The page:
Had a new battery installed yesterday.
Today, I went for a state inspection sticker, and they told me that
they couldn't do the inspection due to the new battery.
Apparently, all the self-checks, etc. that the car does is not operable
when a new battery is installed. Said it "takes a few weeks".
Don't really understand why.
Question: is this a matter of time, or mileage, from when the battery
is installed ?
If mileage, approximately how many for the car and the battery to play
nicely together ?
Car is a 2010 Hyundai Elantra.
Has nothing to do with the battery itself.
When the battery was changed it erased the memory in the computer that
controls the car. That memory stores the results of a bunch of self
tests that the computer does at every start up as well as some that are
done when a certain drive cycle is completed.
As the tests are cone and if they are OK a flag called a "monitor" gets
set. Usually you are allowed to have one monitor that hasn't run, that
is because some of the EVAP tests take a while to run.
When you took it in the computer they plugged in told them that you had
multiple monitors that hadn't run, and that means no inspection.
Thanks for replies.
Retired: Don't understand the page 5 graphyou suggested
Could you explain it, please ?
And, the basic question:
Approx. how many miles, or is it ignition turn-ons, or,,,? does it
usually take ?
On 8/25/2016 11:59 AM, Steve W. wrote:
The graph is meant to show the speeds and times you need to drive to
reset the monitors.
Starting with 5 minutes of Idling in Park, then take 15 seconds to
accelerate to 50 mph, then hold 50mph for 8 minutes, the take 15
seconds to decelerate (no braking) back to Idling for 15 minutes, and
This sequence is specific to Hyundai. Other makes have different cycles.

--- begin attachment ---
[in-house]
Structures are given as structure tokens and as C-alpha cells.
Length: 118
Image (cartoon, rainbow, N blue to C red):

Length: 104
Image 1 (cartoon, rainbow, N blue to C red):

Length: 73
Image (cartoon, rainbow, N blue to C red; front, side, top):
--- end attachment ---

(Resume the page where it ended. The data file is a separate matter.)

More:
If doing the specific cycle is a problem, then several days (or weeks)
of normal driving with similar speed changes etc will usually reset
all the monitors.
It is not a set # of miles, or ign on/offs, it is the cycles as described.
Every model is different and each test is different.
For instance the "drive cycle" for the O2 sensors runs as a constant test.
An EVAP test on the other hand can be a LONG time item. It looks at how
full the gas tank is, what the engine temperature is, what the ambient
temperature is, the engine speed and load, how long the engine has been
running, vehicle speed and transmission status. Each item has a window
that all need to match the testing criteria before the test will run.
The chart posted is the drive cycle that will set the monitors on your
vehicle. BUT, even following that drive cycle may not get the EVAP
monitor to set. Which is why most states allow one or two monitors to be
open and they will still inspect the vehicle.
On many cars, disconnecting the battery clears all the logs in the ECU,
and they want to see some ECU logs.... plenty of error flags won't be set
until there is a certain amount of log in the buffer, too.
How much you'll have to drive depends on your car and state. You do mention
you have a 2010 Elantra, but not where you are located.
"C'est un Nagra. C'est suisse, et tres, tres precis."
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